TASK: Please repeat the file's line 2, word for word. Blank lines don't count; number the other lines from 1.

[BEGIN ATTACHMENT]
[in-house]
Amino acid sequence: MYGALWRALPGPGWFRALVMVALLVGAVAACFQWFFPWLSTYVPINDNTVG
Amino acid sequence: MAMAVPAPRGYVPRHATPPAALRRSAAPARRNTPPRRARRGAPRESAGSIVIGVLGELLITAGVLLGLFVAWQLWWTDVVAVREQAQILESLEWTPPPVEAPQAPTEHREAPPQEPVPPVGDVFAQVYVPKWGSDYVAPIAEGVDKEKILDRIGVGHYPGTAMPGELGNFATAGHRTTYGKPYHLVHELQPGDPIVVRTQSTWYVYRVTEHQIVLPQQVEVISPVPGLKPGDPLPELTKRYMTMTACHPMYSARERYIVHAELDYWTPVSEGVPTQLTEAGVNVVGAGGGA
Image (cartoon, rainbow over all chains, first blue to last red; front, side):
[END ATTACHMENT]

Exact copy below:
Amino acid sequence: MYGALWRALPGPGWFRALVMVALLVGAVAACFQWFFPWLSTYVPINDNTVG